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Legal implications of P&O Ferries shock firing

The UK ferry operator P&O Ferries announced their decision on Thursday 17 March 2022 to cut 800 jobs with immediate effect. It was reported that workers were informed via a video message that “the company has made the decision that its vessels going forward will be primarily crewed by a third party crew provider” and that it was their “final day of employment”.

The announcement came as a surprise to employees as P&O had not consulted with them. The decision has sparked outrage with staff staging sit-ins on the company’s boats and staff staged protests across the country – but what are the legal implications of the decision of P&O Ferries?

Legal implications

Whilst redundancy is a potentially fair reason for a dismissal, there are certain rules which an employer must follow. In particular, they must warn and consult employees about the proposed redundancy, adopt a fair basis on which to select for redundancy and consider any suitable alternative employment.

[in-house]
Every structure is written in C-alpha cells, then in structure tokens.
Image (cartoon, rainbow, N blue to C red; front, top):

If an employer is making 20 or more employees redundant at the same establishment within a 90-day period, then they are also required to follow a collective redundancy process.  This process has specific rules requiring the employer to provide information to, and consult with,  the employees’ representatives.

In a situation where there are 100 or more redundancies being proposed, the collective consultation process must start at least 45 days before any dismissals take effect.

P&O’s chief executive, Peter Hebblethwaite, appeared before the BEIS and Transport select committee on 24 March 2022 and conceded that there had been no prior consultation with staff as required under the Trade Union and Labour Relations (Consolidation) Act 1992 (“TULRCA”). He advised that this was because P&O had decided that it had no alternative in order to continue trading and that it was their assessment that “the change was of such magnitude that no union could accept our proposals”.

P&O’s failure to comply with the legal obligation to inform and consult raised questions regarding whether the decision they made is in fact unlawful and whether it will give rise to claims for unfair dismissal as well as any claims relating to the failure to inform and consult.


Whilst redundancy is a potentially fair reason for a dismissal, there are certain rules which an employer must follow. In particular, they must warn and consult employees about the proposed redundancy, adopt a fair basis on which to select for redundancy and consider any suitable alternative employment.

Potential consequences

A failure to comply with the rules on collective consultation can lead to a protective award being made against the employer by an Employment Tribunal.